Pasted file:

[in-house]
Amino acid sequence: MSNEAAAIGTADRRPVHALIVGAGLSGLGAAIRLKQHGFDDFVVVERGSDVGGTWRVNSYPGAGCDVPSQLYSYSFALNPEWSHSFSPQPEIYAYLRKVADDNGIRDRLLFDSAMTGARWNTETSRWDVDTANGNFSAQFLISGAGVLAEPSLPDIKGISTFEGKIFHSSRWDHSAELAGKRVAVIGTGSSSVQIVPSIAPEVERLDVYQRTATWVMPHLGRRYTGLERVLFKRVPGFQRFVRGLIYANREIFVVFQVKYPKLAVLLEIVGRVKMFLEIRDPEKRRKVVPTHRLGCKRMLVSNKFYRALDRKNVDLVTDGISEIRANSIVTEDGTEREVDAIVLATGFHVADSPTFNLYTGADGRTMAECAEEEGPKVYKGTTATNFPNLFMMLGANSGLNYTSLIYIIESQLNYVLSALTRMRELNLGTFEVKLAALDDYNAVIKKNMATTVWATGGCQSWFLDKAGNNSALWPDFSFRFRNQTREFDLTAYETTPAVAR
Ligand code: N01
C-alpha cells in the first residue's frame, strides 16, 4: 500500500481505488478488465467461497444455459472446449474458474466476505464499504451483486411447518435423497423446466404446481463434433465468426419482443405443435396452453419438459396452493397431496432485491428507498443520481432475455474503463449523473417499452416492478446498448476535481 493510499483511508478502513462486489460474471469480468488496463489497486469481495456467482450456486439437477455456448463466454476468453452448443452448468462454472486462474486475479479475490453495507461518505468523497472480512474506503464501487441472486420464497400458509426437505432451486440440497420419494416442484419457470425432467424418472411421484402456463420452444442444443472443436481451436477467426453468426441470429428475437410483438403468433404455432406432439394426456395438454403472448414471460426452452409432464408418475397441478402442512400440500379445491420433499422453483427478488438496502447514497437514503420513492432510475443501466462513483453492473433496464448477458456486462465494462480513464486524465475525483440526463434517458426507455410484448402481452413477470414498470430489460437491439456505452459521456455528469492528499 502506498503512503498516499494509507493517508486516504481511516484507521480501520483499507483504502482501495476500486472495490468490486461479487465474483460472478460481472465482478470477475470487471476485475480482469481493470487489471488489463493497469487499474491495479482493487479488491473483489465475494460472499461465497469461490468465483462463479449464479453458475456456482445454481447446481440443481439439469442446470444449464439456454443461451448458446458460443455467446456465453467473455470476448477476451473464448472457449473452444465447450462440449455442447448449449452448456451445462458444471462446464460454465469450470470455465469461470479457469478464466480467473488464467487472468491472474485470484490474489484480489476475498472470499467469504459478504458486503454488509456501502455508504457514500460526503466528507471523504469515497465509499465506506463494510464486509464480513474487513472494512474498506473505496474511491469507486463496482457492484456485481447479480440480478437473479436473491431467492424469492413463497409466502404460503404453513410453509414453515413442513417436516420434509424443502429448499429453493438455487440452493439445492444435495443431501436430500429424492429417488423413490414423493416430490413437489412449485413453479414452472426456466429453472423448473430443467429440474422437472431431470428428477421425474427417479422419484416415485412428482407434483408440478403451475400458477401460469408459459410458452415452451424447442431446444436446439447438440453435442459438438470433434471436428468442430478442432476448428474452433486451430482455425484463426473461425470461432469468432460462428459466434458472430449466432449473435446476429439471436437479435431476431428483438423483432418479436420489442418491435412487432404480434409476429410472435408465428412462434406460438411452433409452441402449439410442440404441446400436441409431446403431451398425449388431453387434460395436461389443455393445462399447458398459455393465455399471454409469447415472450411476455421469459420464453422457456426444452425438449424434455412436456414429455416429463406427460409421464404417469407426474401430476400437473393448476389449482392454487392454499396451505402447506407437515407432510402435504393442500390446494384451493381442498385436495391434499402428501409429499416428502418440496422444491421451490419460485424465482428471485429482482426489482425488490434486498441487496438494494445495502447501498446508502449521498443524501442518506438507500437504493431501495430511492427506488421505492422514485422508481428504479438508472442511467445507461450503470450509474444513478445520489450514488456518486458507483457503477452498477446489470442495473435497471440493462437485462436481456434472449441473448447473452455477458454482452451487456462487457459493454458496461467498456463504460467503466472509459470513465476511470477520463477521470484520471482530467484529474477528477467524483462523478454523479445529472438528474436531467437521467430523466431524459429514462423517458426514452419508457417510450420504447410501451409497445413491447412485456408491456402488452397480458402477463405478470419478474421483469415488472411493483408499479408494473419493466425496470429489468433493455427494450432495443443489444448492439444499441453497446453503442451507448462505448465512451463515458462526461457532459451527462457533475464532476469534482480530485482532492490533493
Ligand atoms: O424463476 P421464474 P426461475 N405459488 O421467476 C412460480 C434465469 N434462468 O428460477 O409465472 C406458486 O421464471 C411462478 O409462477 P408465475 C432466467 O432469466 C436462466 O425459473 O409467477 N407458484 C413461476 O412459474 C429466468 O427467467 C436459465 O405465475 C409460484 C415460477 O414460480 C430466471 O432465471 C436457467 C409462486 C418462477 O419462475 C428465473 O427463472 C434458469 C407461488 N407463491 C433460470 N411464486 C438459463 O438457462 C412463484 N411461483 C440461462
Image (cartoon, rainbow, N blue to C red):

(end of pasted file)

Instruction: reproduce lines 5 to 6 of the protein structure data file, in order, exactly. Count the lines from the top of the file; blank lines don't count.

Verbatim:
Ligand atoms: O424463476 P421464474 P426461475 N405459488 O421467476 C412460480 C434465469 N434462468 O428460477 O409465472 C406458486 O421464471 C411462478 O409462477 P408465475 C432466467 O432469466 C436462466 O425459473 O409467477 N407458484 C413461476 O412459474 C429466468 O427467467 C436459465 O405465475 C409460484 C415460477 O414460480 C430466471 O432465471 C436457467 C409462486 C418462477 O419462475 C428465473 O427463472 C434458469 C407461488 N407463491 C433460470 N411464486 C438459463 O438457462 C412463484 N411461483 C440461462
Image (cartoon, rainbow, N blue to C red):